His Majesty’s Solicitor General is a decorous person—arrayed in solemn black—with a demure visage—an official ear—an evasive voice—suspicious palate—ascetic blood—and flinty heart. There is a fellow very like him, who traverses the Pentlands in a dirty grey jacket, white hat, with a long pole. That’s not the Sol. Gen. that’s Cocky—a frivolous dog.

When he married in 1811 he rented the farmhouse of Bonaly on the Pentlands—the hills that start from the city’s edge and end in wild country twenty miles on. At once he began to build a peel-tower, “unabashedly Gothic and feudal” as against the classical elegance of his town house in Charlotte Square, his base for the fighting life of the law. Bonaly and the hills “gave me to myself once more,” as he put it in one of the poems Mr. Miller has unearthed. And gave him to his friends; every year he would summon them to a great Pentland picnic at Habbie’s Howe (favored spot of the poet Allan Ramsay) where they feasted on cold veal pie and broiled salmon hot, washed down by tea and whisky—then home to Bonaly and bowls, “then to a riotous dinner—then to bowls again.”

Bonaly was Cockburn’s Eden: “Human nature is incapable of enjoying more happiness than has been my lot here.” So frequent are his identifications with the places of Paradise—and of Paradise Lost—that Mr. Miller thinks Cockburn must have seen himself at times as a fallen angel. Milton’s angels fell down to Pandemonium—a word which Cockburn uses to describe the Town Council of Edinburgh, pattern of public life. “In his original capacity of renegade (or rival), Cockburn was expelled from Eden, and in his capacity of rememberer and recluse he was able to regain that Paradise.”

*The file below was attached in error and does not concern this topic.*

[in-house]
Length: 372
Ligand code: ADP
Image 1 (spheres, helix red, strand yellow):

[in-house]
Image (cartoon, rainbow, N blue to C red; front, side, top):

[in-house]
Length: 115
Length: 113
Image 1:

The pattern of Cockburn’s double life—alternating Charlotte Square and Bonaly, Parliament House and Habbie’s Howe, judge’s robes (particularly fine in Scotland) and dirty gray jacket, aggressive business and relaxing pleasure—has become a commonplace; and most of his friends had their Edens too. But Cockburn pursued this second life with an altogether uncommon energy and dedication. There was nothing negative about his retreat. Bonaly was not just the place where he didn’t work, it was where he positively enjoyed. And in his musings on what the place meant to one man, Mr. Miller is throwing light on what such retreats can mean to all urban men. “His two selves demanded their respective seasons, duty and deracination alternating with bliss.”